Composer Isabel Benito-Gutierrez and Dr Hannah Mossman collaborate on a piece called Ma(Ris)Ma for Violin, piano and drums, inspired by research into saltmarsh.

Dr Hannah Mossmann

Lecturer in Applied Ecology

Saltmarsh is an intertidal habitat, fringing muddy coasts, which houses unique biodiversity and acts as a natural flood defence. However, it is highly threatened with up to 50% lost due to conversion to agriculture and rising sea levels.

Recognising the importance of this habitat, restoration efforts are trying to turn low-lying agricultural land back into saltmarsh. But our research has found that these newly created marshes do not have the same vegetation as the lost natural marsh they need to replace.

One reason for this might be that new saltmarshes are very flat and so only have one set of environmental conditions. Different saltmarsh plants can cope with different conditions, so flatness might be the cause for ‘boring’ marsh.

Composer: Isabel Benito-Gutierrez

Saltmarshes are important habitats for wildlife, and they also protect coastlines from erosion and storms.

Hannah Mossman’s research involves restoring lands that used to be saltmarshes. In the past salt marshes have been reclaimed to make farmland or towns so, governments and charities are trying to create new saltmarshes. Unfortunately, it has been found that the new, restored salt marshes do not have the same plants as natural ones. Restored salt marshes are flatter than the naturally bumpy natural marsh.

When Hannah explained to Isabel the nature of her research on saltmarshes, they decided to create a piece which reflects this process from natural saltmarshes – flat/restored saltmarshes – recovered saltmarshes. In that way, the structure of the piece is A – B – A, where A is a richer texture with many more sources of sounds and rhythms while B is a more flat and static section. Also, the title of the piece shows this ternary form. ‘Marisma’ means saltmarsh in Spanish, ‘Ma’ is the A sections and ‘ris’ the middle B section. As saltmarshes were abruptly changed into farmland the transition from A to B is more aggressive and sudden while, B to A has a more gradual direction as the process to recovering saltmarshes is also happening more moderately.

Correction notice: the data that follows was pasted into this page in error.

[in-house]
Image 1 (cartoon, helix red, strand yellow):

Isabel Benito Gutiérrez is currently pursuing a PhD in composition at the RNCM, researching about the use of music as an interdisciplinary art form collaborating with professionals from different artistic disciplines particularly painters. What makes Isabel’s research and work innovative is that it is not just the idea of observing a piece of art as a musical inspiration but considering the artist/painter as one more performer who follows some directions. In that way, the visual art meets compositional techniques and is coordinated and structured not only in the space but also in time as music is.

Isabel has performed at the Liverpool University Lunchtime concerts series, Open Circuit Festival, Liverpool LightNight, Grosvenor Gallery in Manchester, Video Jam, L’Auditori de Barcelona, F.A.C.T., Botín Foundation in Santander and many others.

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